PNT Comprehensive Plan Update

What is the PNT comprehensive plan?

In 2009, the US Congress designated the Pacific Northwest Trail as a national scenic trail, making it one of the newest trails to be added to America’s 55,000-mile National Trails System. 

As a national scenic trail, the PNT is subject to the legislative requirements of The National Trails System Act, which requires the administering agency to develop a trail-wide comprehensive plan. 

Once approved, the comprehensive plan will provide a shared vision for the PNT and high-level, programmatic guidance for its management that will shape its future for generations to come.

Why Public Comment is Important

By sharing your ideas and opinions about how the Pacific Northwest Trail should be managed, you can help shape the comprehensive plan. 

Public comments can help safeguard the values and character of the PNT by helping to define how they are expressed in the planning documents. These ideas are critical to the protection and management of the trail and will ensure that the plan will fulfill the founding vision for the trail.

How to Comment

In order for your comments to receive full agency consideration, and to establish your eligibility to participate in later stages of the public review process, public comments, or expressions of interest, need to be submitted to the US Forest Service by November 14, 2022.

In order to be most effective, please review the scoping documents provided here (specifically the document labeled “20220926 PNT Final Scoping Document.pdf). Comments should directly address the subjects contained in this document.

There will be additional opportunities to comment later in the planning process. The National Environmental Policy Act (NEPA) requires that the environmental impacts of administering and managing the trail on federal lands be assessed. The US Forest Service will analyze the proposed action in an environmental assessment (EA).  Further opportunities for public comment will be provided after a draft of this assessment has been completed. 

For more information, please contact us at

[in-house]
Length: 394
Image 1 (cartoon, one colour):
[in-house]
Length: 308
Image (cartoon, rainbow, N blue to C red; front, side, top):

How is PNTA involved? 

For decades, PNTA has coordinated closely with the Forest Service on all aspects of trail management. From the very beginning of the PNT comprehensive planning process, PNTA has had a seat at the table advocating for management practices that rise to the times and best protect the values that the trail was established to provide. 

The founding vision for the Pacific Northwest Trail (provided below) was first published in 1974, and has remained consistent as a compass that guides our work to this today. The PNT has always been envisioned as not only a world-class recreation opportunity, but also as an important tool for conservation across the region. 

Through our position on the PNT Advisory Council and our comments during public scoping opportunities such as this one, we continue to advocate for a user experience that is “as much as possible a wilderness experience” while also providing important protections for the landscape and resources that make the PNT experience so special.

While we advocate for the trail on behalf of all of our supporters, we hope that you will amplify our message by adding comments of your own. 

Founding vision for the Pacific Northwest Trail

“From well above treeline to luxuriant forests, from one inland wilderness area to another, to the most mysterious of all wildernesses —the sea— will someday stretch a dream trail, a passionate walker’s trail.

It will be as much as possible a wilderness trail with relatively difficult access, relatively few signs and shelters, and relatively great attention given in planning to its walker’s potential wilderness experience.

It will be a trail of superb backpacking —not pale, bland, crowded trail slumming— but adventurous frontier walking. Today there is great obligation upon those who would create a new national scenic trail to avoid the mistakes of the past. Overcrowding, poor design and location, deterioration of wilderness values, and rampant vandalism can all be minimized if enough thought, dedication and money are devoted to the Pacific Northwest Trail. 

I strongly believe that creating a new trail to serve the geometrically growing numbers of backpackers need not be a disservice to the country through which that trail passes.

In fact, in addition to its other values, the creation of this trail would help to protect many fine roadless areas that are now in danger of development. The National Trails Act of 1968 provides some direct protection for every footpath designated as a national scenic trail. Even more helpful would be the incentive the Pacific Northwest Trail would provide for federal administrators to emphasize wilderness values in their management of land on either side of the trail as well.” (Joel Pritchard (WA). “Proceedings and Debates of the 94th Congress, First Session” Congressional Record Vol. 121, No. 40)

Learn more about the project here.



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